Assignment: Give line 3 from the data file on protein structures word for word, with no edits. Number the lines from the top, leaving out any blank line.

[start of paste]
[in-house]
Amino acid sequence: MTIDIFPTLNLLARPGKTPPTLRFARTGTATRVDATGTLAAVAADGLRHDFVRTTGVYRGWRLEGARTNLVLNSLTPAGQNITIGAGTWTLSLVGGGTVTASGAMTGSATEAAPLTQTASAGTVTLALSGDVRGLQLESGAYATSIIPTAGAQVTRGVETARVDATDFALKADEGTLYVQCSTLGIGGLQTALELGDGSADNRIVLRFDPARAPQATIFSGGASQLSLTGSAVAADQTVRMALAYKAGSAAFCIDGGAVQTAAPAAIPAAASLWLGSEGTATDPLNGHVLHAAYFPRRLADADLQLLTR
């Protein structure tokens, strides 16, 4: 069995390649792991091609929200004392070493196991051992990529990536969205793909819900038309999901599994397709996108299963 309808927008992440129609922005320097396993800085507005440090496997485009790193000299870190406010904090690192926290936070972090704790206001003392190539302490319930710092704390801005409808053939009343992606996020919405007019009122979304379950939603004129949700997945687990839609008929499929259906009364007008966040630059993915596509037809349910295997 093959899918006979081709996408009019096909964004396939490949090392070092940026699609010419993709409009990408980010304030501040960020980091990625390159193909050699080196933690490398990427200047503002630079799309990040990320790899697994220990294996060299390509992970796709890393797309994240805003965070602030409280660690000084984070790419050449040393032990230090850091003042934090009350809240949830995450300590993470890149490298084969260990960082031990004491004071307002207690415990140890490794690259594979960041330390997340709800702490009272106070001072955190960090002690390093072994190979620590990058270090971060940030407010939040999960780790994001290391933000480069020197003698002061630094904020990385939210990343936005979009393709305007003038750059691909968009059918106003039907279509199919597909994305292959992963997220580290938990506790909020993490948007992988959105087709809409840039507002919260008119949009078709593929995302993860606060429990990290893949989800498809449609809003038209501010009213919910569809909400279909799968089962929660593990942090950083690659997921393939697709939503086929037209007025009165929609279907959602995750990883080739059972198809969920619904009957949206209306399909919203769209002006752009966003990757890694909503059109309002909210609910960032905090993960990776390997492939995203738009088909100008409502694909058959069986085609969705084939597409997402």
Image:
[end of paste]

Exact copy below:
């Protein structure tokens, strides 16, 4: 069995390649792991091609929200004392070493196991051992990529990536969205793909819900038309999901599994397709996108299963 309808927008992440129609922005320097396993800085507005440090496997485009790193000299870190406010904090690192926290936070972090704790206001003392190539302490319930710092704390801005409808053939009343992606996020919405007019009122979304379950939603004129949700997945687990839609008929499929259906009364007008966040630059993915596509037809349910295997 093959899918006979081709996408009019096909964004396939490949090392070092940026699609010419993709409009990408980010304030501040960020980091990625390159193909050699080196933690490398990427200047503002630079799309990040990320790899697994220990294996060299390509992970796709890393797309994240805003965070602030409280660690000084984070790419050449040393032990230090850091003042934090009350809240949830995450300590993470890149490298084969260990960082031990004491004071307002207690415990140890490794690259594979960041330390997340709800702490009272106070001072955190960090002690390093072994190979620590990058270090971060940030407010939040999960780790994001290391933000480069020197003698002061630094904020990385939210990343936005979009393709305007003038750059691909968009059918106003039907279509199919597909994305292959992963997220580290938990506790909020993490948007992988959105087709809409840039507002919260008119949009078709593929995302993860606060429990990290893949989800498809449609809003038209501010009213919910569809909400279909799968089962929660593990942090950083690659997921393939697709939503086929037209007025009165929609279907959602995750990883080739059972198809969920619904009957949206209306399909919203769209002006752009966003990757890694909503059109309002909210609910960032905090993960990776390997492939995203738009088909100008409502694909058959069986085609969705084939597409997402």